From Charles Thomson
Philadelphia March 9. 1782
I received the letter which you did me the honor to write on the 20 of December last, and immediately waited on Mr. Marbois who informs me that he has not received the Answers you refer to.
I am ashamed to acknowledge that I am as ignorant as you declare yourself to be of the particular duties of a counsellor of the American philosophical society, although I have been honored with that appointment.
With regard to the institution of the society I can inform you that it has for its object the improvement of useful knowledge more particularly what relates to this new world. It comprehends the whole circle of arts, science and discoveries especially in the natural world and therefore I am presuaded your answers to Mr. Marbois queries will be an acceptable present.
This Country opens to the philosophic view an extensive, rich and unexplored field. It abounds in roots, plants, trees and minerals, to the virtues and uses of which we are yet strangers. What the soil is capable of producing can only be guessed at and known by experiment. Reasoning from Analogy we may suppose that all the rich productions of Asia may in time be transplanted hither. Agriculture is in its infancy. The human mind seems just awakening from a long stupor of many ages to the discovery of useful Arts and inventions. Our governments are yet unformed and capable of great improvements in police, finance and commerce. The history, manners and customs of the Aborigines are but little known. These and a thousand other subjects which will readily suggest themselves open an inexhaustible mine to men of a contemplative and philosophical turn. And therefore though I regret your retiring from the busy anxious scenes of politics, yet I congratulate posterity on the Advantages they may derive from your philosophical researches. I am with sincere esteem and Affection Your Most obedient and Most humble Servt.,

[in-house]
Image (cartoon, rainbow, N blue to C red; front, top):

RC (DLC). Dft (DLC: Thomson Papers). Dft is identical in substance with RC, but interlineations, substitution of words, and the rearrangement of a sentence, which are not noted here, indicate that Thomson revised his original draft with great care before preparing the fair copy.